Clinical research has many public benefits, from increasing our understanding of health and disease to discovering new treatments. If you take part in a research study, you can help researchers learn more about health and illness. This helps us improve the way we take care of patients. You can learn more about clinical research at rally.massgeneralbrigham.org.

Interventional Trials

Interventional trials test a new treatment for a condition. Participants may be given the experimental treatment or be part of a control group which gets a placebo (inactive) treatment.

Trial of Intravenous Prasinezumab in Participants with Early Parkinson’s disease (PADOVA)

Study Population: Adults with a diagnosis of Parkinson’s disease for at least 6 months to a maximum 3 years

Description: This is a multicenter, randomized, double-blind, placebo-controlled study that will evaluate the efficacy and safety of intravenous (IV) prasinezumab versus placebo in participants with early Parkinson’s Disease (PD) who are on stable symptomatic PD medication.

Principal Investigator: Anne-Marie Wills, MD, MPH

Sponsor: Hoffman-La Roche

Contact: Arjun Laud, 617-726-4923 or alaud@mgh.harvard.edu

Trial of Parkinson’s and Zoledronic Acid (TOPAZ)

Study Population: Adults with Parkinson’s disease or neurodegenerative Parkinsonism, age 60 years or older, without history of prior hip fracture

Description: The TOPAZ trial will test if a medicine called zoledronic acid can prevent fractures in people with Parkinson’s Disease and parkinsonism. Zoledronic acid is approved for use in osteoporosis. However, the use of zoledronic acid in this study is investigational. You will receive a one-time dose of the study treatment (either zoledronic acid or a placebo). During the study, you will be contacted every four months to check if you have had any new fractures.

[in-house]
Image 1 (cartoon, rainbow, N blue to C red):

Principal Investigator: Anne-Marie Wills, MD, MPH

Sponsor: National Institute on Aging (NIA), Parkinson’s Foundation

Contact: To sign up for the study, please go to topaz.eurekaplatform.org or call the Parkinson’s Foundation helpline (800-4PD-INFO; 473-4636). MGH Contact: Mansi Sharma, 617-643-2400 or msharma13@mgh.harvard.edu

Pilot Trial of Targeted Vibration Therapy for Tremor Relief

Study Population: People with Parkinson’s disease

Description: The purpose of this study is to explore the use of a prototype wrist-worn device that has shown promise in addressing upper-extremity tremors, like those experienced by patients with Parkinson’s disease.

Principal Investigator: Paolo Bonato, PhD (co-investigator Christopher Stephen, MBChB)

Sponsor: Encora Therapeutics

Contact: Dr. Eric Fabara, 617-952-6336 or efabara@partners.org

A Phase IIa Study of TPN-101 in Patients with Progressive Supranuclear Palsy (Transposon)

Study Population: People diagnosed with Progressive Supranuclear Palsy

Description: The main purpose of this study is to investigate the safety and tolerability (whether side effects can be handled by a patient) of TPN-101 compared to a placebo for the treatment of PSP.

Principal Investigator: Anne-Marie Wills, MD, MPH

Sponsor: Worldwide Clinical Trials, Inc.

Contact: Mansi Sharma, 617-643-2400 or msharma13@mgh.harvard.edu

Learn more about this trial at rally.massgeneralbrigham.org.

Biomarker Studies